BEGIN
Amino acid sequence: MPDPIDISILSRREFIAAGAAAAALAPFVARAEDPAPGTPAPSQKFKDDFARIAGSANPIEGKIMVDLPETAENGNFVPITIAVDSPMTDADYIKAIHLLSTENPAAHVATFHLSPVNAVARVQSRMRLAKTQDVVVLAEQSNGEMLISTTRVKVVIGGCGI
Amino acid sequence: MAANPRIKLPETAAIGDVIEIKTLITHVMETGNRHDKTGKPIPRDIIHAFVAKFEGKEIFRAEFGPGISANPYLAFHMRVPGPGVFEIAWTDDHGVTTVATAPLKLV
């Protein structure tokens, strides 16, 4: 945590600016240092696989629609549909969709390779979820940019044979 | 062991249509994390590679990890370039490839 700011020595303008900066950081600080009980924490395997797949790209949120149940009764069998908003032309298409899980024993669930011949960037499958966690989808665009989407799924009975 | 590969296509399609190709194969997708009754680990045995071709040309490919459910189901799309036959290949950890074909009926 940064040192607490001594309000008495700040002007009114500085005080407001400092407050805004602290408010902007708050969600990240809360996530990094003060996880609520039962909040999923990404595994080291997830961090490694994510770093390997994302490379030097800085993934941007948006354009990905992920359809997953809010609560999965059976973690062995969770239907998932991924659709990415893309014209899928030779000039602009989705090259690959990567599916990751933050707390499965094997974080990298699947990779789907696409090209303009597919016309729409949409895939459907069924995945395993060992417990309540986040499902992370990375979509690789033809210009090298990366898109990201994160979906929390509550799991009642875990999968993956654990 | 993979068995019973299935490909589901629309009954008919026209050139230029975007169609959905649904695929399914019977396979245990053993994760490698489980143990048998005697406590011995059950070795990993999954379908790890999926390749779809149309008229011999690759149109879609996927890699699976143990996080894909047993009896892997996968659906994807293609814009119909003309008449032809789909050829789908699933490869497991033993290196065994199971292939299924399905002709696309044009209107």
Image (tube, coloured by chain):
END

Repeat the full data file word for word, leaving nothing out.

Amino acid sequence: MPDPIDISILSRREFIAAGAAAAALAPFVARAEDPAPGTPAPSQKFKDDFARIAGSANPIEGKIMVDLPETAENGNFVPITIAVDSPMTDADYIKAIHLLSTENPAAHVATFHLSPVNAVARVQSRMRLAKTQDVVVLAEQSNGEMLISTTRVKVVIGGCGI
Amino acid sequence: MAANPRIKLPETAAIGDVIEIKTLITHVMETGNRHDKTGKPIPRDIIHAFVAKFEGKEIFRAEFGPGISANPYLAFHMRVPGPGVFEIAWTDDHGVTTVATAPLKLV
């Protein structure tokens, strides 16, 4: 945590600016240092696989629609549909969709390779979820940019044979 | 062991249509994390590679990890370039490839 700011020595303008900066950081600080009980924490395997797949790209949120149940009764069998908003032309298409899980024993669930011949960037499958966690989808665009989407799924009975 | 590969296509399609190709194969997708009754680990045995071709040309490919459910189901799309036959290949950890074909009926 940064040192607490001594309000008495700040002007009114500085005080407001400092407050805004602290408010902007708050969600990240809360996530990094003060996880609520039962909040999923990404595994080291997830961090490694994510770093390997994302490379030097800085993934941007948006354009990905992920359809997953809010609560999965059976973690062995969770239907998932991924659709990415893309014209899928030779000039602009989705090259690959990567599916990751933050707390499965094997974080990298699947990779789907696409090209303009597919016309729409949409895939459907069924995945395993060992417990309540986040499902992370990375979509690789033809210009090298990366898109990201994160979906929390509550799991009642875990999968993956654990 | 993979068995019973299935490909589901629309009954008919026209050139230029975007169609959905649904695929399914019977396979245990053993994760490698489980143990048998005697406590011995059950070795990993999954379908790890999926390749779809149309008229011999690759149109879609996927890699699976143990996080894909047993009896892997996968659906994807293609814009119909003309008449032809789909050829789908699933490869497991033993290196065994199971292939299924399905002709696309044009209107």
Image (tube, coloured by chain):